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Omaha Magazine

Go Native: Prairie grasses, native flowers taking root at home

Aug 31, 2020 08:47AM ● By Patrick McGee
Indian grass seed head, early spring

Although dwarfed by trees, flowers, and other spectacles of landscaping, turf grass is the unsung hero of many landscapes. Quality turf not only makes for a good-looking yard; it serves many functions, such as preventing soil erosion, providing weed control, and creating a velvety carpet underfoot for those carefree summer days.

Dr. Roch Gaussoin, a turf grass specialist with the University of Nebraska-Lincoln, said the key to a great lawn and landscape is diversity in plant material. An ideal landscape contains an expanse of grass paired with plants and shrubs of unique colors, heights, and textures. Turf grass is an integral component of any landscape. It creates transitionary spaces, or “voids,” between trees, gardens, and other features. 

As a practical consideration, homeowners choosing a turf grass variety and accompanying landscaping should consider the type and frequency of maintenance they want. Gaussoin said that prairie grasses, such as buffalo grass, are adapted for Nebraska’s climate. Buffalo grass is drought-resistant, needing less water than standard alternatives such as Kentucky blue grass, and requires less fertilizer and mowing. “It works well in parkways...and large expanses,” Gaussoin said. The University of Nebraska, with Gaussoin, is responsible for a premier breeding program that has generated many unique varieties of buffalo grass.

Buffalo grass is not without its own specific needs. “It doesn’t have great shade tolerance,” Gaussoin said. However, many turf grasses have similar difficulty. Where buffalo grass doesn’t thrive, other native plants may do just fine. Gaussoin promotes planting the “right plant in the right place,” whether it’s shade-seeking hostas under a tree or turf grass in an open space.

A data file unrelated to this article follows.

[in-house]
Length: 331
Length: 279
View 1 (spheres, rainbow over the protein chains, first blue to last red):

Mike Fritz, general manager of Stock Seed Farms, is also keen on buffalo grass for managed portions of turf. Stock and Fritz work with the University of Nebraska to develop varieties of buffalo grass. He has been recommending seed for specific applications for 20 years and noted the growing popularity of natural landscapes by homeowners. “There is a steadily increasing interest in native grasses,” he said. For acreages where it is impractical to manage the entire lawn, or where property owners prefer a natural prairie look, he recommends ‘Schizachyrium Blaze,’ a little bluestem variety which earns its name every fall with its vibrant red-orange display of color. Other viable options include other bluestem varieties, grama varieties, Indian grass, or other warm-season prairie grasses.

Homeowners who want to incorporate low-maintenance plants aside from grasses into their landscapes should consider native plants such as goldenrods and milkweed. Both are highly beneficial to pollinators, such as bees and butterflies, Gaussoin said. Both also present highly attractive blooms and are adapted to Nebraska’s climate.

All plants require fertility to some extent. Gaussoin recommends knowing one’s turf grass’ specific fertilization requirements. He also said that incorporating clover into a turf grass mixture provides additional nitrogen to the soil. Clover flowers are beneficial to pollinators as well (as are dandelions), but the aesthetic is not for everyone. Because eastern Nebraska soil contains heavy clay, homeowners should prepare the soil with a compost mix before planting. Any plant, turf or otherwise, will require additional watering until established.

For homeowners intent on lowering the maintenance of their yards, conserving water, promoting pollinators, or utilizing less harsh chemicals to produce a lush lawn, native turf grasses and accents will do wonders. Just remember that low maintenance does not mean no maintenance.

So get busy. Early fall is the perfect time to lay down seed and watch your lawn take off.

For more information on turf options, visit Stock Seeds’ website at stockseed.com or the UNL Agronomy Department website at agronomy.unl.edu

This article was printed in the September 2020 edition of OmahaHome. To receive the magazine, click here to subscribe.